– fixer1234
    Commented Oct 22, 2019 at 19:51
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    I don't really understand why this has downvotes - it's an honest question. I appreciate that you're making an effort to learn how to not misgender people.
    – user473022
    Commented Oct 22, 2019 at 21:54
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    If it helps, imagine having a conversation in real-life with that person 4 years ago. You wouldn't now look back on it and worry about misgendering - what was said was said and can't be changed. The only difference between that conversation and SE is that SE preserves the comments. They're still not editable for us mortals 4 years later - what was written then cannot be changed. The point? Don't worry about it. It happened in the past - there's nothing that can be done to change that Commented Oct 22, 2019 at 22:26

9 Answers 9


No, it is not a problem. If someone requests a certain pronoun, you should use that going forward, but you do not need to retroactively. To quote a comment from CesarM:

CesarM : we recommend that you use gender-neutral they if you don't know the person's pronouns. That's a recommendation, not a CoC violation. However, if you use "he" as default and someone asks you to refer to them by something else, please start referring to them by that going forward

There is no need to edit previous posts to use gender-inclusive language; in fact, doing mass edits like that is likely to get you a stern talking-to by a mod.

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    Ok so error from the past are not problematic under the CoC.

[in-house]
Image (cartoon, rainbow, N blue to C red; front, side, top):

– aloisdg
    Commented Oct 23, 2019 at 11:43
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    The mods are going to love cross-referencing time stamps. Commented Oct 23, 2019 at 18:33
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    @marcellothearcane Why do you think they’ll need to do that? Mistakes and forgetting are explicitly stated to not be problems. There’s no inquisition here, looking into past wrongs: the explicit guidance is “try your best” and “don’t be a jerk about it"
    – divibisan
    Commented Oct 23, 2019 at 18:36

Comments are often full of obsolete information, like someone's display name. If @user-1248177 changes their display name to Steve your comment won't be updated. We are all generally fine with that. There has been no suggestion anywhere that you are obliged to monitor every comment you have ever written to see if it has become obsolete.

That said, if @user-1248177 were to ping you and say that "she" is how to refer to her, (there's no need for a gender change or a choice, you wrote yourself that you had just assumed @user-1248177 was "he"), it would be nice if you would change your comment in accordance with the information you had just gained. Since comments can't be edited (except within 5 minutes), you would have to delete it and repost it with the correct pronoun. (If there's a reason you can't do that, you could flag and ask a mod to edit it, but that might not succeed.)